I'm one of those pesky "sensitive groups."
November 11, 2018 11:35 AM   Subscribe

I live in San Francisco. What else can this asthmatic do with unhealthy air quality from the Camp Fire?

I'm really struggling with the unhealthy air these past few days. I'm taking all of my meds, my albuterol inhaler is attached to my hand, and we have two air purifiers running 24/7. Despite not having left the house since Friday afternoon, I'm constantly coughing and I have headaches. Is there anything else I can do to make this better?
posted by so much modern time to Health & Fitness (12 answers total) 6 users marked this as a favorite
Best answer: overuse of the albuterol inhaler can make you feel worse bc it's harsh on your already inflamed insides, you might do better with a steroid inhaler to reduce the inflammation. i learned this the hard way after a house fire; that once a day purple steroid inhaler thingy (advair?) helped me A LOT in the month afterwards. can you call your doctor and ask about a prescription?

otherwise you might get some relief from using a n95 particulate respirator mask, which is a thicker and more fancy version of the basic standard hospital face mask. you can buy a box of 20 on amazon for like $10.
posted by poffin boffin at 11:43 AM on November 11, 2018 [2 favorites]

Can you smell smoke inside the apartment? I wonder how well your air purifiers are working. I have one with a sensor that measures PM 2.5, and the air in my apartment is clean (if I open a window, the reading quickly jumps up). You may also be able to put duct tape on gaps in windows, etc, if you think smoke is leaking in.
posted by pinochiette at 11:51 AM on November 11, 2018 [1 favorite]

Best answer: Hello from a fellow Bay Area asthmatic. I've made the best situation I can by staying in my actual bedroom as much as possible. It makes a bigger space between the front/back doors (which we do have to open from time to time) and my breathing space. I have one filter running in the living room and one in my bedroom, and I keep the bedroom door closed.

The other thing that's helping a lot is taking OTC allergy meds. It is reducing the inflammation in my throat and nasal passages, which is making it easier to breathe. I'm using Flonase and Zyrtec but YMMV.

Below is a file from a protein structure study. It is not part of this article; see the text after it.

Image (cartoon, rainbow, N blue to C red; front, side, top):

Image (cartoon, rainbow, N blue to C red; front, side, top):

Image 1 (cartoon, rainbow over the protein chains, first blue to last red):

Depending on the size of your place and your air purifiers, it sounds like maybe they aren't doing their job or maybe you need more for the amount of air you're trying to move. I changed the air filter in my air purifier to a brand-new one; if yours has been in use a while, either order a new one or vacuum out the one you have.

I would be cautious with the n95 mask. They make me anxious which can trigger my asthma. I only put one on when I was outside dealing with both dust and smoke yesterday to take out the recycling.

Double check that you don't have any vents open anywhere, and if you go in the car, make sure it's set to recirculate rather than to take air from outside.
posted by assenav at 11:56 AM on November 11, 2018 [1 favorite]

I just so happen to have the German Commission E Monographs checked out from interlibrary loan, and it lists Marshmallow, Mullein, and plantain as [respiratory] anti-irritant herbal remedies.
posted by aniola at 12:16 PM on November 11, 2018 [1 favorite]

Best answer: While I'm talking about addressing symptoms, turmeric (Curcuma longa) is an anti-inflammatory comparable to Ibuprofen that works magic on my headaches.
posted by aniola at 12:26 PM on November 11, 2018

Can you just take some time off and get the hell out of Dodge for a few days? That would be my first impulse.
posted by Anticipation Of A New Lover's Arrival, The at 12:51 PM on November 11, 2018 [3 favorites]